Centralized DB of "system" users

Da Rock rock_on_the_web at comcen.com.au
Sun Dec 14 03:27:38 PST 2008

On Sun, 2008-12-14 at 17:59 +0700, Outback Dingo wrote:
> > Wouldn't kerberos be a better alternative? One server (maybe a
> > replicated backup), and all services authenticate with that. Saves
> > shadow on the wire...
> >
> I think the ulitimate question is going to be at what level of pain does the
> person wish to suffer to achieve his goals
> there are numerous ways to do it, though some can be painful, if not
> experienced. I struggle to get my brain around
> an environment with mulitple OSes in it, where i would lean towards the LDAP
> method, though you raise a valid point
> where kerberos could fit nicely, though Im not sure we are aware of the long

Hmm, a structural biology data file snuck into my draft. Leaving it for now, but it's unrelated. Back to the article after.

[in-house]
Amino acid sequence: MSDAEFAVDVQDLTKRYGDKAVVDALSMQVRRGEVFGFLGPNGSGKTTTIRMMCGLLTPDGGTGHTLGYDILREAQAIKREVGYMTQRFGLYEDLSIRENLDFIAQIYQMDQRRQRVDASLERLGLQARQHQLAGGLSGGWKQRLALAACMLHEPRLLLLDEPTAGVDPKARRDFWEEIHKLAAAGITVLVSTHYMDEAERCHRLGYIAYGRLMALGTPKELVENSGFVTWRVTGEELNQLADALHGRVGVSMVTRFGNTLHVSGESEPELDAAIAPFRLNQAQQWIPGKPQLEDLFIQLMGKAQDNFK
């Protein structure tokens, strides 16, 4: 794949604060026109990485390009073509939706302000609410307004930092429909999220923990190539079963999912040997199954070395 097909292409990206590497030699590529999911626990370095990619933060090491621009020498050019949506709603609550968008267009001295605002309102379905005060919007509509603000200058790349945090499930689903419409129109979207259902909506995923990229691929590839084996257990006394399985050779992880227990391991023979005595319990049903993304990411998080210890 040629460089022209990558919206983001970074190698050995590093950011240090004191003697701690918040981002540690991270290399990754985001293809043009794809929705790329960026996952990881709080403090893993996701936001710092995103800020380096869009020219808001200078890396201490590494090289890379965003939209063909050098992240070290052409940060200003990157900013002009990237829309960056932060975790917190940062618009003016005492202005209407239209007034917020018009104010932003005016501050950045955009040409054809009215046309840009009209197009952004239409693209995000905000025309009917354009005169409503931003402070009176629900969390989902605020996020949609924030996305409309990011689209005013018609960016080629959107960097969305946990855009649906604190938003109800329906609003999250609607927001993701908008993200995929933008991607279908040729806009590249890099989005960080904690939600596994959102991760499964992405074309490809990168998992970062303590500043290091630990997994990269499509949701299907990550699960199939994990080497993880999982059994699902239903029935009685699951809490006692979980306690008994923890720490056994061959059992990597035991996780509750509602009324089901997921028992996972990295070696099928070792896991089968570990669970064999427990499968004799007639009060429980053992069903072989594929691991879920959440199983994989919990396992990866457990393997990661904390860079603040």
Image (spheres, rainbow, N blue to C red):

> term goals or the project where one might
> be adding in other types of Operating Systems. Then we have the discussion
> of interoperability. If it stays as in his game
> plan and  doesnt encounter scope creep (not like it doesnt happen) at some
> time, he might wish to choose the best overall
> design to implement, again my vote would be LDAP. it is the most globally
> scaable, relocable and interoperable once its
> deployed allowing for future growth without a serious amount of pain.

Actually kerberos is quite widely supported in one form or other and is
mostly interoperable (from my understanding anyway), and its
surprisingly easy to implement- easier than ldap in my opinion. Even M$
crap uses it (different implementation, but basically the same).

Plus the security it offers is by far worth the pain that could be
caused. You mainly have to concentrate attention on the kdc access, as
all auth runs off it, instead of every service on the network.

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